This event is now sold out.
Élisabeth Jacquet de la Guerre’s biblical cantatas are extraordinary historical jewels. Written by a woman, about women, for women, they tell bold, unflinching tales about love, marriage, tragedy and adultery, each one a tiny opera in all by name.
These unfairly neglected breath-taking miniatures – in new English translations by Toria Banks – will receive their UK premiere stagings more than 300 years after they were composed, in three atmospheric, fully accessible settings that champion the ability of women to tell their own stories and narrate their own experiences.
Created in partnership with Dunedin Consort, HERA, Mahogany Opera and the National Centre for Early Music
Carolyn Sampson, Anna Dennis, Alys Roberts soprano
Mathilde Lopez director
Élisabeth Jacquet de la Guerre Cantates Bibliques: ‘Judith’, ‘Rachel’ & ‘Susanne’
Susanne: A young woman, Susanne, is spied on by two community elders as she bathes. They harass her, and when she refuses to sleep with them, they threaten to accuse her of adultery. Our storyteller seems to keep her distance, treating the event with dry humour, but at the pivotal moment - La mériterez-vous? (do you deserve it?) - it becomes clear that she can’t.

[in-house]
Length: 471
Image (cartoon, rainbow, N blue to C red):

Rachel: Jacob and Rachel is a story of frustration, sexual and otherwise. Jacob has worked for seven years for Rachel’s father Laban, to buy Rachel as his wife. But on his wedding night, he is tricked into marrying her older sister Leah instead, and asked to work a further seven years to earn Rachel as a second bride. Rachel, a passionate young woman, is not consulted. Left narrating her own life, her feelings force their way out in music.
Judith: General Holofernes has besieged the city of Bethulia, which is on the brink of collapse. Judith, a widow, goes to his camp, seduces him and beheads him in his sleep. As portrayed by Artemisia Gentileschi, Judith Slaying Holofernes is an art historical icon of female rage. The setting is lush and expansive, with a glorious solo violin part adding a second voice. It is a bold, exultant conclusion to our programme.
Duration: 60 minutes
Supported by The Cavalli Trust
This performance is dedicated to the memory of Stephen Benson, a friend to Spitalfields Music over many years, who loved music